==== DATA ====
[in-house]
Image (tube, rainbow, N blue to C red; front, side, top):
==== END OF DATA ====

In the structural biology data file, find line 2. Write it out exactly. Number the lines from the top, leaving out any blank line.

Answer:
Image (tube, rainbow, N blue to C red; front, side, top):